- Room for experimental research: Every DST has to write a master’s dissertation to be awarded a diploma. All DST dissertations are based on proper experimental research. In some cases this results in presenting the research at an international congress or even in the publication of the research findings.
- International external view: At the end of the programme every DST takes a final examination by jury. This jury consists of teachers of the own programme and is complemented by an international expert who also evaluates the examination. This final examination consists of 2 parts. The first is a clinical part for which the DST prepares several cases that he/she has treated during the programme. The DST presents the cases and is examined by the jury who assesses both clinical knowledge and theoretical background. In the second part the master’s dissertation is defended: the DST briefly presents the research he/she conducted and is subsequently interviewed by the jury. The international expert contributes greatly to both parts.
- Evidence-based education: Teachers are heavily involved in scientific research, take part in international congresses, and give (international) lectures. This way they are very well-informed about the most recent findings in their field and they are able to integrate these findings in theoretical and clinical education. For instance, recently published articles (A1) are frequently integrated in the education. In addition to this, journal clubs are organised during which recent publications are presented to and discussed with the DSTs.
- Teachers’ quality: In addition to their heavy involvement in scientific research teachers also work in the clinical practice. This enables them to offer integrated theoretical and clinical education at a high level.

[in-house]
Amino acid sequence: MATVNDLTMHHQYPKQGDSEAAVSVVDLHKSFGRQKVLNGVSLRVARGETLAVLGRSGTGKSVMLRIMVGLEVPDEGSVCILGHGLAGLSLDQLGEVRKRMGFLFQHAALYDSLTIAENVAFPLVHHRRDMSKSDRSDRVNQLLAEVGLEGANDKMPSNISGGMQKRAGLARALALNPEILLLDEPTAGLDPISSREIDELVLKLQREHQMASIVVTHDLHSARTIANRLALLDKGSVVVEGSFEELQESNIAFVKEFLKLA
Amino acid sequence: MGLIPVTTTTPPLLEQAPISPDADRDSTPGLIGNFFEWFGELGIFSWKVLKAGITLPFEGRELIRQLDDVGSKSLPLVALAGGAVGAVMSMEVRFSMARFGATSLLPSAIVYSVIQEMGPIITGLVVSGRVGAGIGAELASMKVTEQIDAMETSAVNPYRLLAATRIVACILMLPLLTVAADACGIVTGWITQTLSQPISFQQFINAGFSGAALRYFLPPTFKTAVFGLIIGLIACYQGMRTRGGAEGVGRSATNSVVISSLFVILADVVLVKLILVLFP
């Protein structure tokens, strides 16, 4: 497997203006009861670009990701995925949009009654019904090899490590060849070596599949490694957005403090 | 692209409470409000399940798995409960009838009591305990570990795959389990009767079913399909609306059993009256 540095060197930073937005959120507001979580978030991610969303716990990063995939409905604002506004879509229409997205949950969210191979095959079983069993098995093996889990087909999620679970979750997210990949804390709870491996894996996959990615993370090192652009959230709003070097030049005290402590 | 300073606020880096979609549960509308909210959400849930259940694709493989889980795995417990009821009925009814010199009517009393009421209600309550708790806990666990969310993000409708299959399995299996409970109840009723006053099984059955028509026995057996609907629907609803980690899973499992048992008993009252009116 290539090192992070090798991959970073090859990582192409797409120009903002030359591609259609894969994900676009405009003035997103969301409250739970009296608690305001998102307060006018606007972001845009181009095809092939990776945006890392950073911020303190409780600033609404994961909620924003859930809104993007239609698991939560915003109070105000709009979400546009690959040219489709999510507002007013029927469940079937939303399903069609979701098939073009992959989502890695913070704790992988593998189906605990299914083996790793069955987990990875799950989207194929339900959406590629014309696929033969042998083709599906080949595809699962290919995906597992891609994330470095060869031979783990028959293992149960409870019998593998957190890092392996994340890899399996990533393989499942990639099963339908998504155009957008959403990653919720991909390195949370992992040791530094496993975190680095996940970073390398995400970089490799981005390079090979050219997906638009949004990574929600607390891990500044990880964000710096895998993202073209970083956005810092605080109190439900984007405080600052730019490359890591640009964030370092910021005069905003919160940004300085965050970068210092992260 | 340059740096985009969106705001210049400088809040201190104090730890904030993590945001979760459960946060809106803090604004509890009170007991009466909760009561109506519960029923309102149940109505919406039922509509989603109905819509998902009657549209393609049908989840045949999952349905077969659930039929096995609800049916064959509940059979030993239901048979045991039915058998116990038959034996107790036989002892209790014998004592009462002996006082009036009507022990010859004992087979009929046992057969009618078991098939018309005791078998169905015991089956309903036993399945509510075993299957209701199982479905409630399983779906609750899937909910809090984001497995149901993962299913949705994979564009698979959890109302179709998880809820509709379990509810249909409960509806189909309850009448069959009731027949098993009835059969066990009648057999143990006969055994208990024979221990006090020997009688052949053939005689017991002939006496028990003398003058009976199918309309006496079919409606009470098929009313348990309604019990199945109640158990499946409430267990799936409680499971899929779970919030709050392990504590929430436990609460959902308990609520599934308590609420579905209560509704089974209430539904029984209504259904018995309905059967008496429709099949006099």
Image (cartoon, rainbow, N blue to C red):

- Link theoretical, preclinical and clinical education: Before administering new techniques that have not been covered during the basic training to patients, they are mastered by practice in a preclinical setting. This method can also be used for techniques already known that have to be executed at a higher level. To this purpose the programme has strongly invested in the construction of a modern preclinic.
- Talent development: DSTs are encouraged to take part in seminars, and national and international congresses. This way they are introduced to other programmes and visions, they expand their outlook and they learn to reflect critically. Moreover, they are encouraged to present their own work at these fora. These works can be both clinical and research related. DSTs are also granted the opportunity to pass on their own knowledge by coaching BaMa students at the clinic.
- Curriculum adaptation: Even though the programme is strong with respect to content – which has been proven several times by the international accreditation of certain main subjects – a curriculum adaptation is much needed. Some of the courses that are now common course units are not as relevant for every programme, because of which a thorough reform of the curriculum is imperative. The goal of a similar curriculum adaptation is to come to an optimal programme which also meets the international standards for all main subjects.
- Application of methods and evaluation forms: It is also necessary to reconsider a more efficient application of the correct methods and evaluation forms that are more closely linked to the learning outcomes. That is why the programme intends to make a list of these methods and evaluation forms and to draw up an improvement policy, ideally together with the planned curriculum adaptation.
This study programme is accredited by the Accreditation Organization of the Netherlands and Flanders (Dutch: NVAO). Accreditation was extended following the positive outcome of the institutional review in 2022. Programme quality was validated by a quality review (peer-learning visit) in 2018. A screening of the Education Monitor by Ghent University’s Education Quality Board is planned in the years 2021-2024.
This information was last updated on 01/02/2023.
In case of questions or suggestions with regard to the publicly available information, please contact the study programme.